Pearson Park Restoration
With a rich history stretching back over 150 years, Pearson Park in Hull is one of the city’s most beloved and recognisable landmarks.
When it was established in 1862, after the land was gifted by Zachariah Pearson, Pearson Park became Hull’s first public park. The park catered to the growing demands of a working class population seeking to make the most of increased leisure time and disposable income. Also known as the People’s Park, Pearson Park still resonates with Victorian grandeur.
In an effort to maintain and secure the future of this grandeur, the park is currently subject to an extensive restoration programme that will conserve and enhance its rich history for many generations to come.
In 2014, Hull City Council and the Pearson Park Trust received initial support from the Heritage Lottery Fund (HLF) and the Big Lottery Fund for Pearson Park. This development funding of £156,600 helped plans for the restoration to progress and allowed work to start to take place in the park to restore the historic MacFarlane drinking fountain bowl.
This was followed in 2017 by the awarding of a £3m National Lottery grant, under the Parks for People scheme. This meant the following work could take place:
- Rebuild of the conservatory
- Restoration of the historic archway entrance to the park
- The restoration and repairs to the Grade II listed East Lodge, providing new office, meeting and storage space
- Reconfiguration of grounds around the East Lodge to provide a community healthy living garden
- Improvement works to the Bowling Pavilion
- Improvement works to the ice cream kiosk
- Reinstatement of Bandstand
- Reinstatement of the bridge over the lake
- Improvement works to the landscape
The grant award also funds a five-year activity plan to provide new educational and training opportunities that will benefit local residents and look to increase community engagement with the park.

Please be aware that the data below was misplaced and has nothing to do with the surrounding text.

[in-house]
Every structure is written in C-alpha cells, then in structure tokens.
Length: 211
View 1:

Plans for the regeneration of the park were approved at the council’s Planning Committee in preparation for the final bid, meaning the procurement for the construction work on the restoration could begin quickly.
One of the most significant aspects of the regeneration has been the renovation of the 150-year-old Pearson Park archway. The gateway was initially removed in 50 pieces from Pearson Avenue during November and December 2018. It was transported to restoration specialists Lost Art’s workshop where the extent of corrosion that the structure had suffered was assessed and repair work took place.
Repairs ranged from infilling simple hairline cracks to more complex work including the recreation of some of the detailing lost over the years and rebuilt using original drawings and historical photographs.
For example, when the gateway was deconstructed, paint samples were taken from areas across the whole of the structure so a new colour scheme could be determined.
It revealed the original red base coat was followed by several layers of a rich cream colour with accents of green, the colour the gateway was painted for the majority of its lifetime. The grey, white and yellow that visitors to Pearson Park would be more familiar with was a more recent addition.
The evidence from the analysis has been used to produce a colour scheme for the newly restored gateway. This gives the structure a brighter appearance that is more in keeping with a typical Victorian palette from the 1860s, the period when the archway was designed.
The second phase of works, being delivered by William Birch and Sons Ltd, is now nearing its end. Work to restore the park’s bowling pavilion has now concluded, while the new bandstand and the extension of the East Lodge are reaching completion.
Work to improve the popular ice cream kiosk is under way with new French doors and windows installed and a pergola to provide shelter is being built at the front of the existing building. The stunning replica Victorian conservatory now has a complete frame and the glass panels are now in place. Work has also started on the inside of the building, preparing for the new colourful planting scheme. Once complete, a weathervane will be added to the roof.
With the finish line now in sight, residents can look forward to a new era for Pearson Park and another century of thrills within its stunning grounds.